As the country comes to terms with the shooting deaths of 26 students and teachers at Sandy Hook Elementary in Newtown, Conn., local school officials are offering their perspective on the tragic events of last Friday.
Federal Way Public Schools (FWPS) has security measures in place to protect local students in the event anything like Newtown were to ever happen in Federal Way.
“We have worked hard over the past few years to develop our building emergency preparedness plans,” said FWPS Superintendent Rob Neu in a statement released on Dec. 16. “We have practiced and trained to respond with confidence. Our plans have been developed in coordination with our local police and fire departments, the county’s First Responder system and the state Department of Emergency Management. In short, we have prepared extensively.”
Neu said the hardest part of any tragedy like Newtown is trying to help children cope with something inconceivable.
“The random nature of a sudden mass shooting can make us feel very vulnerable, particularly when innocent, vulnerable children are targeted,” he said. “As we try to cope with this reality, we can and must help our children cope.”
Neu and FWPS shared a number of thoughts on how to address the issue with children, no matter their age:
• Monitor children’s television and Internet use. With a story that consumes the news cycle 24/7 for days on end, the district and Neu feel the news can heighten anxiety in young children. The superintendent and district suggest turning off any kind of devices that can access media, and instead suggest finding activities that the family can do together away from those devices.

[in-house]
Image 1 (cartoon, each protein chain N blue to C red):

• Maintain a normal routine.
• Stick to facts. Answer any questions children have factually.
• Remember to filter what you say to a child. Avoid graphic details.
• Remain calm and reassuring. Children take their cues from adults.
• Be optimistic.
“The safety of our students and staff is our highest priority. It takes parents, students, staff and community working together to keep our schools safe places to learn,” Neu said.
Neu reminded Federal Way residents that if they ever see any suspicious, potentially illegal or unsafe activities taking place on school grounds, they should call the Safe Schools Tip line at (253) 945-7233. Callers can remain anonymous if they wish.
Deputy Superintendent Mark Davidson echoed much of Neu’s sentiments, saying the safety is paramount to the district.
“Safety of everybody on our campuses or any of our properties is always a first priority, and has been for as long as I can remember,” Davidson said. “The decisions we make, even decisions related to weather issues, are always based on that.”
Davidson noted the district has a security officer at every middle school in the district, except for the TAF Academy and Federal Way Public Academy. The middle school security officers are complemented by three roaming officers who move throughout the district during their workday, which typically spans 6 a.m. to 6 p.m.
“The security people are all employees of the district, and their focus is what happens at our schools and around the district,” he said. “Obviously, this week, their highest priority is to be as visible as possible. We think that helps people feel better about an awful situation (Newtown).”
At the high schools in the district, Federal Way police officers provide security, and are known as School Resource Officers. The officers at the high schools sport their full complement of gear, including firearms and tasers. Davidson noted that the middle school security officers carry pepper spray and nothing else.
For Davidson, the role of school security at any level is about building healthy relationships between students, staff and any others who may come into contact with the district.
“If I summed up what we think the philosophy is that keeps schools safest, I’d say it’s about relationships. If we look at all the events that occurred, whether they be from outside, or from current students, the one underlying factor that connects them all is mental health. It really is about mental health. And as far as students go, it’s about knowing how the kids are doing, which kids are hurting,” he said. “It’s about knowing your kids.”